Security Market & It’s Types

You have learnt the sources of finance being raised through equity shares, debentures, venture capital and lease financing. Security Market is another important source of raising finance. The Securities Market consist of  primary market and secondary market. In security market, the securities are bought and sold on the basis of demand and supply of securities.  It consists of equity markets, bond markets and derivative markets. It plays a crucial role in the economy. The fund is channelised from savers to investors by the security market.  The security market facilitates in the allocation of funds by channelising the fund to the users of the fund. Let us learn them in detail.


Primary Market

In the primary market new securities are issued.  It is also known as New Issue Market.  Issuers, Government and Corporate issue security in primary market. It helps in raising resources and fulfills the requirement of investment. The securities may be issued at face value, or at a discount/premium value. The securities may be in the form of equity, debt, etc. The market participants may issue the securities in domestic market as well as the international market.

In primary market, the issue is carried out through public issues or private placement. A public issue does not restrict in investing. In private placement, the issue is provided to select people. In terms of the Companies Act, 1956, an issue becomes public if it results in allotment to more than 50 persons. This means an issue of less than 50 persons falls in private placement. There are two types of security issuers. 

These are :

(i) Corporate entities, who issue mainly shares, debentures, etc.

(ii) the Government, who mainly issue debt securities like dated securities, treasury bills and others.

The price may reflect information about the issuer and his business. The risk involved in the secondary market may attract the investors in the primary market. There are various ways to raise capital or equity in primary market.  These are :

1) Public Issue : In this issue, the securities are sold through IPO.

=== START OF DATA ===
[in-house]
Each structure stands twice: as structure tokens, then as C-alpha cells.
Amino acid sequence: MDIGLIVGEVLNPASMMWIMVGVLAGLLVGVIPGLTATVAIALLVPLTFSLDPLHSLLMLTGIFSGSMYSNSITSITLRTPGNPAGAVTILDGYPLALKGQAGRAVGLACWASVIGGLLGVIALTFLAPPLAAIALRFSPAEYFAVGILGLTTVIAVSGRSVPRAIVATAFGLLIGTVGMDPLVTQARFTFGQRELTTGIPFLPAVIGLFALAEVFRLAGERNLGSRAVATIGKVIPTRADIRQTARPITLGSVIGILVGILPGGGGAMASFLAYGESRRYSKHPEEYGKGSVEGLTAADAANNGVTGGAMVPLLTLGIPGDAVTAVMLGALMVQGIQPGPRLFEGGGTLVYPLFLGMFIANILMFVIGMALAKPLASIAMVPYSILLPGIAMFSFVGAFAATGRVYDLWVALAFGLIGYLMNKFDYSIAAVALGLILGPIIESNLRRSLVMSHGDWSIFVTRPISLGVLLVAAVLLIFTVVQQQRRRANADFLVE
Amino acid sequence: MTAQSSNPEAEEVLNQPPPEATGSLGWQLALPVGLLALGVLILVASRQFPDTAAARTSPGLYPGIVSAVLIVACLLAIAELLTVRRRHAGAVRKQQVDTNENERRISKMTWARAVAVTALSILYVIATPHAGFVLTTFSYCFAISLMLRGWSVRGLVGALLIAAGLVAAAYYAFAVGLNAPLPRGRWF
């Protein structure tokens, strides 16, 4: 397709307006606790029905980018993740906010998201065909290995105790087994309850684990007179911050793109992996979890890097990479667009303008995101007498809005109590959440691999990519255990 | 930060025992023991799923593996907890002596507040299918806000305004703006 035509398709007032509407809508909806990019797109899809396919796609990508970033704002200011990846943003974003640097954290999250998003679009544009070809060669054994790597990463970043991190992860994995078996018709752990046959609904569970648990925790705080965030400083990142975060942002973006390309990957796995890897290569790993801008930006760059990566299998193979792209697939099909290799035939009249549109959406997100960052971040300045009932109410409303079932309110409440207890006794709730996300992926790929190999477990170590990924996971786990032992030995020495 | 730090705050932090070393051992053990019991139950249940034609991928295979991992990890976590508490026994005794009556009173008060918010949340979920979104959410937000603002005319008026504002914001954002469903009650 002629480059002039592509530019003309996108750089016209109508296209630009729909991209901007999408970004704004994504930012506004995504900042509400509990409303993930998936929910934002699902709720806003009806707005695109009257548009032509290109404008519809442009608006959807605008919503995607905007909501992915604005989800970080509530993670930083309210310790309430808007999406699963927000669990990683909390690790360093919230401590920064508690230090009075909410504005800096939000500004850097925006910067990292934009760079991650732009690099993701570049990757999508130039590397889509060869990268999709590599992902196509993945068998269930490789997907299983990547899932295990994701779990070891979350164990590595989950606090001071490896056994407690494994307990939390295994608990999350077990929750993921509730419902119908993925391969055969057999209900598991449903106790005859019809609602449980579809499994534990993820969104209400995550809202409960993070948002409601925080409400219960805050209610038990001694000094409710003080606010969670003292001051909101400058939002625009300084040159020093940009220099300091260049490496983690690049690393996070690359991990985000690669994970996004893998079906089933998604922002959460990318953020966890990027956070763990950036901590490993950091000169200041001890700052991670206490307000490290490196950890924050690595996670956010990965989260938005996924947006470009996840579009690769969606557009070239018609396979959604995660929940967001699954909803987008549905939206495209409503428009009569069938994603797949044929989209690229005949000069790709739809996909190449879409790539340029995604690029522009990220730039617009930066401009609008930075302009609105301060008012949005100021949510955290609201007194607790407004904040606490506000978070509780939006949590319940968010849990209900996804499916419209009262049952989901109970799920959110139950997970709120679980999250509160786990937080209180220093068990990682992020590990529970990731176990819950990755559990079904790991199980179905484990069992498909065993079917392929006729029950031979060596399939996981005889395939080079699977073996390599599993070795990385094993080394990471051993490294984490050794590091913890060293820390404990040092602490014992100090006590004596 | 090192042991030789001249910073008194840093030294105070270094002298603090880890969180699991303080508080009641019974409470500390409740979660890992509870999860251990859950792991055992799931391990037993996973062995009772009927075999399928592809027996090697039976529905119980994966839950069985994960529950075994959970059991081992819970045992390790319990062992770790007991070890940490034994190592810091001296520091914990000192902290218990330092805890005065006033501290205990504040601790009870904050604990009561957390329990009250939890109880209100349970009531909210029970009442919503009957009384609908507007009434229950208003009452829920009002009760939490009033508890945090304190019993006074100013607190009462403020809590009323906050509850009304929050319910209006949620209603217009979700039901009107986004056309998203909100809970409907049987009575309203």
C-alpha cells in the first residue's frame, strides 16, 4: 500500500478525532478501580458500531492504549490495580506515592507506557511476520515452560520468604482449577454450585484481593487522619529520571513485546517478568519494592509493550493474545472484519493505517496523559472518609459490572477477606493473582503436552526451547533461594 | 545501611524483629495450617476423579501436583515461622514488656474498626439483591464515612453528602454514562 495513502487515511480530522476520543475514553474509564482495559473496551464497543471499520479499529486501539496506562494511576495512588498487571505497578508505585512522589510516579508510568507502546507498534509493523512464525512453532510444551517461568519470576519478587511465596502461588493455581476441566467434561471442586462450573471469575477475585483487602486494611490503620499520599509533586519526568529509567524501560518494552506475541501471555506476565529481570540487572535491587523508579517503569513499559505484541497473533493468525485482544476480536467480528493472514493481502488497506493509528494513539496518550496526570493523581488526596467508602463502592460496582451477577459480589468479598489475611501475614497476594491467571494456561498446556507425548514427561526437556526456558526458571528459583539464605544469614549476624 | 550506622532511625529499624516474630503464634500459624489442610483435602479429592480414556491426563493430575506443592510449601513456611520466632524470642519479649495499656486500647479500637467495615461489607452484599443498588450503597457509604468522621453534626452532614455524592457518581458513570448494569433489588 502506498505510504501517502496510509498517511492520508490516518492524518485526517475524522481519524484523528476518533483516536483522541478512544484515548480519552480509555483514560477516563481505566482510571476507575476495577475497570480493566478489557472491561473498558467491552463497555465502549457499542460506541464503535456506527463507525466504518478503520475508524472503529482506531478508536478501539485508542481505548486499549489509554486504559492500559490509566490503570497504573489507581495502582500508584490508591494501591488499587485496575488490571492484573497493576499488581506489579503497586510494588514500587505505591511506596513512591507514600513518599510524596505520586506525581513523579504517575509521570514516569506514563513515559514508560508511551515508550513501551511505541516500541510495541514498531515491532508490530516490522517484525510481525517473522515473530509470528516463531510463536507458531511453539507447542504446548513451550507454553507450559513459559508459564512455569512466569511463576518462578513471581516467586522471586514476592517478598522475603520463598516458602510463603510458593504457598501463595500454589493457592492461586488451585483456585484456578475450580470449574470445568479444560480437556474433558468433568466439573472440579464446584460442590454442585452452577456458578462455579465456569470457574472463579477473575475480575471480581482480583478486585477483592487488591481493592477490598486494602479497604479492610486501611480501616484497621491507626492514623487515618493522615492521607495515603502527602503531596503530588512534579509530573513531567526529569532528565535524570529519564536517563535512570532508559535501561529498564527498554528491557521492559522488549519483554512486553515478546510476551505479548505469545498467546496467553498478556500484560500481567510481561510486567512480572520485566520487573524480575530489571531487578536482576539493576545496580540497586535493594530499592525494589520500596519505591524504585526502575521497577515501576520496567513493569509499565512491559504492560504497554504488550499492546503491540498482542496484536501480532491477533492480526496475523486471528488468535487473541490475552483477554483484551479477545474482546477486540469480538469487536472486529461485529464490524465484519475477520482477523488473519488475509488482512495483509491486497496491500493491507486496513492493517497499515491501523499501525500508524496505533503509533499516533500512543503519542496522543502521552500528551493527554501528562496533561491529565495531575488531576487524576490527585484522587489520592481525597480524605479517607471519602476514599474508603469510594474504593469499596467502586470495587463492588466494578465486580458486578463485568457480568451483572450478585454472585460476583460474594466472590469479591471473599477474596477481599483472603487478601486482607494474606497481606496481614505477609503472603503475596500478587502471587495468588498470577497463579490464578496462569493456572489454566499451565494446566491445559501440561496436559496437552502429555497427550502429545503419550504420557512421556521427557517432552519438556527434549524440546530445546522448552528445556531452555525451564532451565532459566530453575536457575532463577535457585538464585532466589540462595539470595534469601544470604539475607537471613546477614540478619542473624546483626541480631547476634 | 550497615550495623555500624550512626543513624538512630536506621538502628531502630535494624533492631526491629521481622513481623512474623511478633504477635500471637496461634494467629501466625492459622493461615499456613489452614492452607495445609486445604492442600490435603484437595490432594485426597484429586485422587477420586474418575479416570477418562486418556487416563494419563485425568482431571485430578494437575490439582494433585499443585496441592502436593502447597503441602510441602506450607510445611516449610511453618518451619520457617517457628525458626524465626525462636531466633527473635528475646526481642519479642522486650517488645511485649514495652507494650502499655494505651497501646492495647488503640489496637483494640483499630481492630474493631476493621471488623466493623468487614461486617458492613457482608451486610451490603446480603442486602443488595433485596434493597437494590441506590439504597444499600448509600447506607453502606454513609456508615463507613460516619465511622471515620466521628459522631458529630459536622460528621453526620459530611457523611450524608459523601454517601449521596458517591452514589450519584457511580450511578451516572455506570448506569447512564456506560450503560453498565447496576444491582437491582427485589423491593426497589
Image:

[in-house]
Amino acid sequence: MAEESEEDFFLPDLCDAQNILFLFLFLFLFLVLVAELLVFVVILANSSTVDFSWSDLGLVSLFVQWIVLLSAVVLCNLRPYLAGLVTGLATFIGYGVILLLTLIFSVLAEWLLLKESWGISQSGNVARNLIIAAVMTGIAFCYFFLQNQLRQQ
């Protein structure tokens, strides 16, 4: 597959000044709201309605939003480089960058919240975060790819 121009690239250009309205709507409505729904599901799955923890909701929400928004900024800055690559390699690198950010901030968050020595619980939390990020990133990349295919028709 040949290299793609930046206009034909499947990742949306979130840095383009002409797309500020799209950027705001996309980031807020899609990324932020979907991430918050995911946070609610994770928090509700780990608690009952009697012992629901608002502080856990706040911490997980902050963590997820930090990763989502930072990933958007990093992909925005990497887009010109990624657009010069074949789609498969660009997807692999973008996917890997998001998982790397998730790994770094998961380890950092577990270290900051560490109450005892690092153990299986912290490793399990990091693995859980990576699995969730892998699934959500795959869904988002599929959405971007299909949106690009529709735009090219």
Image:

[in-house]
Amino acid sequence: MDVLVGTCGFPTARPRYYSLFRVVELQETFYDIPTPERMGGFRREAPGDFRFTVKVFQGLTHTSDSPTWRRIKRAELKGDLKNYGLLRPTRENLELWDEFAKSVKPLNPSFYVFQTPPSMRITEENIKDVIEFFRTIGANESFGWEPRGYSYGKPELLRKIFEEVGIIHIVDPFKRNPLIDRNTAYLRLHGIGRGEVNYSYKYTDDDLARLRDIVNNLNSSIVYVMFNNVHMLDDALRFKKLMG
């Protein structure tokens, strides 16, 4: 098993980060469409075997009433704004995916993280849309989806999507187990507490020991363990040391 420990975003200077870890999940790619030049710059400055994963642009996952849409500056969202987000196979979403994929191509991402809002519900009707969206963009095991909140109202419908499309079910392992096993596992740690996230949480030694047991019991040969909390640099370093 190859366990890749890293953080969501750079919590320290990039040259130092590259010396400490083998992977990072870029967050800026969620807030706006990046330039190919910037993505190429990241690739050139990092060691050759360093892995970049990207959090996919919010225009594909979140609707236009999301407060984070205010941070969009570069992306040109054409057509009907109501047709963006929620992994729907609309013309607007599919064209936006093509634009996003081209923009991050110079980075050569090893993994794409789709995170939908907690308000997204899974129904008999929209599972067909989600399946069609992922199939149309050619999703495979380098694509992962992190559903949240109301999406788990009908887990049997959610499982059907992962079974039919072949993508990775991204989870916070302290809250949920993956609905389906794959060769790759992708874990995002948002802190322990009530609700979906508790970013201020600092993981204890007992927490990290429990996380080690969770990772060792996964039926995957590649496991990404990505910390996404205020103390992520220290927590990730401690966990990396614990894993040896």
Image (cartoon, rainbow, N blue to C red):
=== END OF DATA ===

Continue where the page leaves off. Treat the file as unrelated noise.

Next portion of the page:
2) Rights Issue : In this issue, Shares are offered to existing shareholders on pro-rata basis. This facilitates raising of supplementary capital.

3) Private Placement : Securities are sold to high profile investors. These may be Venture Capitalists, Mutual Funds and Banks.

4) Preferential Allotment : Equity shares are issued to selected investors.  A listed company issues equity shares which may or may not be in accordance with the market price.


Secondary Market

A market where securities are traded which were initially offered to the public in the primary market and/or listed on the Stock Exchange is known as secondary market. Majority of the trading are preformed in the secondary market. Secondary market consists of equity markets and the debt markets.

The investors or participants trade the already held securities.  This is done considering the risk and return. 

Secondary market has two components :

(i) The over-the-counter (OTC) market

(ii) exchange-traded market. 

The Over the Counter Exchange of India Limited has provided the OTC market. The OTC market are informal markets where trades are negotiated.  Most of the trades in Government securities are done in the OTC market.  Spot trades are not provided. Cash market is also somewhat like spot market. In cash market, settlement takes place after sometime.  Trades takes place over a trading cycle, i.e. a day under rolling settlement. Trades are settled after a two working days.  Clearing corporation clears and settles the trades done on the National Stock Exchange of India Limited (NSE). In this way, notation and settlement guarantee are provided.  Almost all the trades are settled in DEMAT (dematerialisation) form. NSE also provides a platform for trading of a wide range of debt securities.  The Government securities are also traded.

In the Secondary market, the trade may also take place for future date, this is known as forward market.  In this market, securities are traded for future delivery and payment.  There are two types of forward market i.e. Futures and Options. In future market, standardised securities are traded for future delivery and settlement. These Futures are on an underlying asset i.e. an index or a security or even a commodity. In Options, securities are traded for conditional future delivery.  There are two types of Options.  These are put and call Options. A Call Options allows the owner to buy a security from the writer of the Option at a predetermined price. A Put Option allows the owner to sell a security to the writer of Options at a predetermined price. These Options also derive their value from underlying security.  NSE and the Bombay Stock Exchange (BSE) provide trading of derivatives of securities.

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